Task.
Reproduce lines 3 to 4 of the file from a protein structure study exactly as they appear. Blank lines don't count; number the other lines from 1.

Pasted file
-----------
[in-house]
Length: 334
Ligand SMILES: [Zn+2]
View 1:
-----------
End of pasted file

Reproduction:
Ligand SMILES: [Zn+2]
View 1: